of wonder, blended and exalted with In one of the great John Müller's an ineffable suffusion of the powers of early letters (compositions, by the way, sense. There is more of aerial rowhich it is a thousand pities the Eng-, mance, than of genuine tenderness, lish reader should have no access to even in the peerless love of his Geneadmire) there is a fine passionate dis- vieve. Her silent emotions are an unquisition on the power of words—and known world which her minstrel on the unrivalled use of that power watches with fear and hope-and yet exemplified in the writings of Rous- there is exquisite propriety in calling seau.“ He sways mankind with that that poem Love, for it truly repredelicious might”-says the youthful sents the essence of that passionhistorian— as Jupiter does with his where the power acquired over the hu
man soul depends so much upon the There came and look'd him in the face awakening, for a time, of the idea of An angel beautiful and bright; infinitude, and the bathing of the uni
And that he knew it was a Fiend, versal spirit in one interminable sea of
This miserable Knight! thoughts undefineable. We are aware And that unknowing what he did, that this inimitable poem is bet He leap'd amid a murderous band, ter known than any of its author's And sav'd from outrage worse than death productions--and doubt not that many
The Lady of the Land ! hundreds of our readers have got it And how she wept, and claspt his knees ; by heart long ago, without knowing and how she tended him in vainby whom it was written-but there And ever strove to expiate
The scorn that crazed his brain, can be no harm in quoting it, for they that have read it the most frequently And that she nursed him in a cave ;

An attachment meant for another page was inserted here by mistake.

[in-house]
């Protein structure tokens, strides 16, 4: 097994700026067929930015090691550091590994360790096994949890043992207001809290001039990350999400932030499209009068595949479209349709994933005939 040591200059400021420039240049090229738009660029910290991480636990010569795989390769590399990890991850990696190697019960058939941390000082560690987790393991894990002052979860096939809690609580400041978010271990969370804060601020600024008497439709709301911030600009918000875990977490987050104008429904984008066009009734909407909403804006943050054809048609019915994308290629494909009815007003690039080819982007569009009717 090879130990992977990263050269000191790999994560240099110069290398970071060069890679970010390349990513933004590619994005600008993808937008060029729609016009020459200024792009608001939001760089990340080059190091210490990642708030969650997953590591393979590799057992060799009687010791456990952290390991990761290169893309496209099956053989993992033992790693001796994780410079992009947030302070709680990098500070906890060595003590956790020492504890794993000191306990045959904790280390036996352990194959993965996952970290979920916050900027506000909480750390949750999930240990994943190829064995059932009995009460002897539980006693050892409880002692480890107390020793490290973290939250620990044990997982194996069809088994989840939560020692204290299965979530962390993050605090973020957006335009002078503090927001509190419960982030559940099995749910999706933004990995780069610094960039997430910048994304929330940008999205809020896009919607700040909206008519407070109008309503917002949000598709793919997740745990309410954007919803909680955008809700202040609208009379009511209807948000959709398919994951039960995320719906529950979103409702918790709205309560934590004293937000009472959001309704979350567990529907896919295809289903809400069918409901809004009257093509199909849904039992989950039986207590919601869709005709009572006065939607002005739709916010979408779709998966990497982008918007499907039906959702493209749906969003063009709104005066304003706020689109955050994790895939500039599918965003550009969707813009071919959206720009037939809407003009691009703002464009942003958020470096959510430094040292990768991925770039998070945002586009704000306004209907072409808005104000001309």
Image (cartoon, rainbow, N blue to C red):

And how his madness went away, will be the most willing to read it again.
When on the yellow forest-leaves
A dying man he lay.
His dying words—but when I reach'd
That tenderest strain of all the ditty,
My faultering voice and pausing harp
Disturb her soul with pity !
All impulses of soul and sense
Had thrilld my guileless Genevieve ;
The music, and the doleful tale,
The rich and balmy eve;
And hopes, and fears that kindle hope,
An undistinguishable throng,
And gentle wishes long subdued,
Šubdued and cherish'd long !
She wept with pity and delight, The statue of the armed knight;
She blush'd with love, and virgin-shame :
And like the murmur of a dream,
I heard her breathe my name..
Her bosom heav'd-she stept aside,
Then suddenly, with timorous eye
She fled to me and wept.
She half enclosed me with her arms, I sang an old and moving story
She press'd me with a meek embrace ;
And bending back her head, look'd up,
And gazed upon my face.
'Twas partly Love, and partly Fear, With downcast eyes and modest grace ;
And partly 'twas a bashful art, For well she knew, I could not chuse
That I might rather feel, than see, But gaze upon her face.
The swelling of her heart.
I calm'd her fears, and she was calm, I told her of the Knight that wore
And told her love with virgin-pride,
And so I won my Genevieve,
My bright and beauteous Bride.
We shall take an early opportunity I told her how he pined ; and ah !
of offering a few remarks on Mr ColeThe deep, the low, the pleading tone With which I sang another's love,
ridge's efforts in tragedy-and in parInterpreted my own.
ticular on his wonderful translation, or She listen'd with a fitting blush,
rather improvement of the Wallenstein. With downcast eyes, and modest grace ;
We shall then, perhaps, be able still And she forgave me, that I gazed
more effectually to carry our readers Too fondly on her face!
along with us when we presume to
address a few words of expostulation But when I told the cruel scorn That craz'd that bold and lovely Knight,
to this remarkable man on the strange And that he cross'd the mountain-woods,
and unworthy indolence which has, Nor rested day nor night;
for so many years, condemned so That sometimes from the savage den,
many of his high gifts to slumber in And sometimes from the darksome shade, comparative uselessness and inaction. And sometimes starting up at once
“ A cheerful soul is what the muses love. In green and sunny glade.
A soaring spirit is their prime delight."
THE MISSIONARY; A POEM.
* BY THE REV. W. L. BOWLES.
Never were any two poets more un- tion with the saddest and most mourn
* London, John Murray. 1816.